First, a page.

As we approach the 2009 Christmas season, there will be rebates on just about everything. What a deal! A mail-in rebate of $50 on a $75 Printer! Then you see a huge rebate on that new laptop, blu-ray player or HD TV, and you can’t buy the item fast enough.
You (snail) mailed in your rebate form and months have passed and you’ve never gotten your rebate check (or card). You’ve called the company, written letters, but to no avail.
The company either sent you a denial letter, or gave you all sorts of reasons why you won’t be getting your rebate: you didn’t purchase it within the correct time frame, didn’t mail it correctly, or you forgot to include some obscure piece of information. Basically, you failed to jump through their hoops, and now they are going to keep your money.
What bull right?
Rebates are actually intended to be a hassle to discourage customers from redeeming them. After all, the more customers who forget or give up on rebates, the more dollars the manufacturer retains. “Rebates are a good business plan only when consumers fail to claim them,” ARS analyst Gary Peterson recently told The Wall Street Journal.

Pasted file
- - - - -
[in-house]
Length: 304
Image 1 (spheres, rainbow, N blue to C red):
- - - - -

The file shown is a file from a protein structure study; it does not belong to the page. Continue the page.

Why do rebates exist?
Rebates started as a marketing tool used by manufacturers to increase sales, by lowering the cost of a product in the eyes of a customer, without actually dropping the price on the shelf.
Why not just drop the price?
When a company drops the price of something, that money is automatically and immediately lost for each and every item sold, while rebates never result in all of the money being lost to the company. Thats where the system of denial and “lost” rebate forms come in. Even if they processed 100% of all rebates, consumers would never send in every rebate for ever item. A win-win for manufactures.
Rebates also give companies the ability to make money off your money. Customers are giving them an additional $100 for 3 months, and they lower the price for you $10. Now multiply that by a million customers, and they just made 3 Million dollars in interest.
Rebates help them not you.